For years I held fast to the notion that Bruckner’s early symphonies were only of peripheral interest, the composer finally hitting his stride in the Fourth. Then I came across Gerd Schaller’s Philharmonia Festiva recordings of Nos 1-3, which triggered what I can only describe as a Damascene conversion on my part. (Here’s Ralph Moore’s review of that enlightening set.) I was particularly taken with Schaller’s fresh, always invigorating take on the Second. He opts for the 1872 version of the score, as edited by William Carragan, whereas Nelsons prefers Leopold Nowak’s edition of the 1877 version, his errors and anomalies corrected by Carragan. The two versions are structured as follows: Allegro - Scherzo - Andante - Finale (Schaller), and Moderato - Andante - Scherzo - Finale (Nelsons). Movement timings vary, too. And while I would agree with Ralph’s assertion that different versions of the same Bruckner symphony will affect one’s perception of the piece as a whole, I suspect most listeners will simply want a reading that works. In that sense, performing styles and, perhaps, the recording itself, are more likely to be the deal-breakers.

Alas, Nelsons and the LGO don’t get off to a good start, their opening movement something of a ramble. At best, the music-making seems dutiful, rather than inspired. By contrast, Schaller’s band plays with a poise and passion that tweaks the ear and lifts the heart. Tempos and tempo relationships are well judged, too, which makes for a very convincing and coherent narrative. Shape, structure and a sense of purpose elude Nelsons at every turn. Not only that, his performance is ill-served by a close, bass-heavy sound that obscures essential detail. (Profil’s crisp, airy recording is far more revealing of the composer’s craft.) What follows confirms my suspicions, that Nelsons lacks the proselytizing zeal required to show this symphony at its best. To be fair, though, it’s a potential hazard with all complete cycles, lesser works not always getting the care and attention they deserve.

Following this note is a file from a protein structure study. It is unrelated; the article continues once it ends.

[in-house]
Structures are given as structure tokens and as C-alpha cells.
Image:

Schaller really believes in the piece, and it shows in every bar. It helps that he has a light touch and a keen ear for Bruckner’s timbres and textures. In this company, Nelsons’ performing style seems very traditional - old-fashioned, even - and that’s not helpful in music of such animation and transparency. Elsewhere, Nelsons and the LGO fail to shine where they should. For instance, those highly atmospheric horn passages sound oddly contrived, whereas Schaller invests them with a natural loveliness. Such epiphanies are a reminder - if it were needed - of the many qualities that make Schaller’s performance so special. Engaged - and engaging - to the last, he then delivers a superbly structured finale, the proportionate, cleanly articulated timps a joy to hear. To put it bluntly, Schaller blows his rival into the proverbial weeds with this one. That said, Nelsons, his players and the DG engineers still have a chance to redeem themselves in the epic symphony that follows.